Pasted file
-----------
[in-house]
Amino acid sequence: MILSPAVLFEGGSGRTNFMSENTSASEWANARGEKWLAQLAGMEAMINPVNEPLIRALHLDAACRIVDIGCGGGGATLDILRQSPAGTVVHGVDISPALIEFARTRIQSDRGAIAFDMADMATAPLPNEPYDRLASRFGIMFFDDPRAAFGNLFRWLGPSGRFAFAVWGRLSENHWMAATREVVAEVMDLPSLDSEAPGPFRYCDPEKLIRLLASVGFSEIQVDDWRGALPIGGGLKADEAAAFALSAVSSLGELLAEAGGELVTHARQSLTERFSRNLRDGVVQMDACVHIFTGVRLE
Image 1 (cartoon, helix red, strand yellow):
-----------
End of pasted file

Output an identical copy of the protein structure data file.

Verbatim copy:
[in-house]
Amino acid sequence: MILSPAVLFEGGSGRTNFMSENTSASEWANARGEKWLAQLAGMEAMINPVNEPLIRALHLDAACRIVDIGCGGGGATLDILRQSPAGTVVHGVDISPALIEFARTRIQSDRGAIAFDMADMATAPLPNEPYDRLASRFGIMFFDDPRAAFGNLFRWLGPSGRFAFAVWGRLSENHWMAATREVVAEVMDLPSLDSEAPGPFRYCDPEKLIRLLASVGFSEIQVDDWRGALPIGGGLKADEAAAFALSAVSSLGELLAEAGGELVTHARQSLTERFSRNLRDGVVQMDACVHIFTGVRLE
Image 1 (cartoon, helix red, strand yellow):